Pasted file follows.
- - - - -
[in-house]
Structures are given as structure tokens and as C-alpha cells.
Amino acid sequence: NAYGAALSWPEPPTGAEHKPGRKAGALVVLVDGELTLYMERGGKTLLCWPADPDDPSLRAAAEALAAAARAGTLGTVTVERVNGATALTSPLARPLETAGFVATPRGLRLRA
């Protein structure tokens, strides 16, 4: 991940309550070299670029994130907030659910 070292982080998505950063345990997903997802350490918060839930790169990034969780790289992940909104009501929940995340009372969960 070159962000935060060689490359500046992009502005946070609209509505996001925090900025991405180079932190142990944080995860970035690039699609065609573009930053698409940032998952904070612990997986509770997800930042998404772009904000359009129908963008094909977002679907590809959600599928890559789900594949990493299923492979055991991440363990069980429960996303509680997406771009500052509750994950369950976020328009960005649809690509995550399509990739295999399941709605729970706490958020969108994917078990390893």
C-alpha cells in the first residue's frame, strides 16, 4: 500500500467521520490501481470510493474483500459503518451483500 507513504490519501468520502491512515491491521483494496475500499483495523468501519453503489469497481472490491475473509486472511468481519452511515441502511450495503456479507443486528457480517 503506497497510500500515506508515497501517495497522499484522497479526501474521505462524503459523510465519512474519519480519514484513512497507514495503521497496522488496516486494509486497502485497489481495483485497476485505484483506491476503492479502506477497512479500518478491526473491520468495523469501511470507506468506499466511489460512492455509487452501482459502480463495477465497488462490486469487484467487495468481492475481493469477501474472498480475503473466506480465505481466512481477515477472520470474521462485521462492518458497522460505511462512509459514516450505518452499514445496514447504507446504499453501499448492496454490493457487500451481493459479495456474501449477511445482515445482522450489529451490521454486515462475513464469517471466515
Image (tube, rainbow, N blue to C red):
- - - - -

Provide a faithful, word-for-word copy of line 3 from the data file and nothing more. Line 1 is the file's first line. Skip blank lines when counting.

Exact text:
Amino acid sequence: NAYGAALSWPEPPTGAEHKPGRKAGALVVLVDGELTLYMERGGKTLLCWPADPDDPSLRAAAEALAAAARAGTLGTVTVERVNGATALTSPLARPLETAGFVATPRGLRLRA